NeuroOne Medical Technologies has announced that it successfully completed initial, bench-top, long-term stimulation testing on a novel design of its thin-film electrode technology. The tests measured the electrodes’ ability to deliver the number of electrical stimulation pulses required to meet approximately five years of use via an active accelerated ageing model, a NeuroOne press release states.
The release adds that the results demonstrated the potential to provide chronic stimulation at typical stimulation parameters currently used to treat patients suffering with chronic back pain due to multiple failed back surgeries.
The tests were conducted by recording the number of pulses of stimulation each pair of electrode contacts could deliver before identifying degradation. For a patient with chronic back pain receiving 16 hours of stimulation per day, the testing duration and intensity translates to more than five years of operation, or four-to-five years if operating 24 hours per day, according to NeuroOne.
Camilo Diaz-Botia, director of Electrode Development for NeuroOne, said: “We conducted active accelerated longevity stimulation tests in saline solution, which is known to represent harsher conditions than saline solutions with added proteins. After several months of accelerated testing, we observed that most electrode contacts preserve the ability to deliver stimulation pulses at levels that would benefit most patients. We also observed that the electrode material remained electrochemically stable. Lastly, in agreement with our results on long-term recording, we again observed that the thin film insulation performed well during testing.”
NeuroOne also previously announced successful passive accelerated testing on electrodes that successfully demonstrated the ability to record electrical activity for a minimum of five years.
Dave Rosa, CEO of NeuroOne, added: “Over the past few years, we have been working to develop the technology for long-term use given the large market opportunity for chronic stimulation technology. The results of both the long-term recording and stimulation testing demonstrate we are getting closer to achieving that goal. If we are successful in the ongoing development and subsequent submission to the FDA [Food and Drug Administration], this would enable us to pursue expansion into therapeutic areas such as long-term stimulation for epilepsy, Parkinson’s disease, chronic back pain due to failed back surgeries and other related neurological disorders.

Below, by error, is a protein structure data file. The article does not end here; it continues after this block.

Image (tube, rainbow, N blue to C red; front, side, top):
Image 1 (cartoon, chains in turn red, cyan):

“It may also present opportunities for licensing the technology to strategic partners for applications that are outside of our areas of focus. Our initial area of interest is expected to be spinal cord stimulation for chronic back pain, given the size of the market and the competitive differentiator we can bring to this market with our unique thin-film, low-profile electrode platform.”
As previously reported, the company is advancing a pipeline of therapeutic electrode technologies for brain tissue ablation, chronic stimulation in deep brain stimulation, and spinal cord stimulation for chronic back pain as well. NeuroOne believes these therapeutic electrode technologies are targeted to addressable markets worth over US$10 billion, as per the release.